- Broken bones in the mid-face area are also known as “Le Fort fractures.” It nearly always requires some type of blunt force trauma to cause a mid-face fracture.
- Mandible or lower jaw fractures. Damage to these areas nearly always makes it more difficult for the patient to talk or chew properly. Since the lower jaw supports the teeth, a break in this area frequently results in loose or broken teeth.
While some of these fractures can occur after a worker hits his head on ground objects that can penetrate the face, most of them simply result from the tremendous force that occurs due to major workplace falls. It is crucial to immediately rush workers who have just suffered major head injuries to the nearest emergency room for diagnosis and treatment. Whenever possible, it helps to send a supervisor or another worker along who can describe the exact nature of the accident to the doctors since the injured patient may not be able to maintain consciousness.
Types of secondary damage often caused by facial fractures
- Minor or more profound visual difficulties after the eye socket bones are fractured.
- Problems with breathing properly – or the sense of smell can be disturbed – after nasal bones are broken.
- Jawbone fractures can make it difficult for some patients to chew and swallow their food – or even speak clearly.
- Cranial nerves can be damaged after various types of facial bone damage.
- Muscles surrounding the fractured facial bones can be damaged, making it harder for the injured person to do such things as create facial expressions or move one or both eyes.
Diagnostic tests and suggested treatments
While performing the initial physical exam of the patient — making sure this person can breathe easily, numerous questions must be asked to determine the full extent of the brain injuries that may have occurred, in addition to one or more facial fractures.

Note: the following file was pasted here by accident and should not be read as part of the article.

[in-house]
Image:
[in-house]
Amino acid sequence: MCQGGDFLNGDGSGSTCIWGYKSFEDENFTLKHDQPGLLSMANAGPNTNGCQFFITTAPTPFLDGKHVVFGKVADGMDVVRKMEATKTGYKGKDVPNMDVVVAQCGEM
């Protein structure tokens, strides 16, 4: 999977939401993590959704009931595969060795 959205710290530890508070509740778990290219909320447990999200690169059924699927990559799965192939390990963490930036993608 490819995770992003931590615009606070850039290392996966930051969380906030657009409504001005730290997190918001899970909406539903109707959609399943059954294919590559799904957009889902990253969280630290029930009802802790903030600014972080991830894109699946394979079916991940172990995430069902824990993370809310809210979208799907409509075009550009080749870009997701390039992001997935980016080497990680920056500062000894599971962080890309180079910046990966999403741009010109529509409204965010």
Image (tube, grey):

The accompanying supervisor or worker must be ready to help describe how far the worker fell and whether he (or she) was still conscious immediately after the fall. In addition to the usual blood work conducted in emergency rooms, the doctors will carefully examine the patient, look for signs of facial asymmetry, and check for damaged motor functions. This type of exam often requires sensitive touching or palpitation of the patient’s face to determine all areas where there is known pain.
Should the doctors notice that there may be a greater-than-normal distance between the eyes, they will check to see if the patient has suffered a nasoethmoid fracture. Tests commonly ordered include two-dimensional CT scans of the face and a three-dimensional, reconstructive scan (possibly before and after any required surgery).
Additional treatment after either closed or open reduction (resetting of the fractured bones) can include such drugs as pain relievers and oral steroids to minimize any swelling.
Find legal help after a construction accident
If you have suffered a serious fall injury on a construction site, you need to contact our New York City construction accident injury law firm. We will carefully investigate all the facts of your case, review all your medical records, and then fight hard to win the maximum compensation available to you. We want every client to fully recover for all lost wages, pain and suffering, medical expenses, and other losses.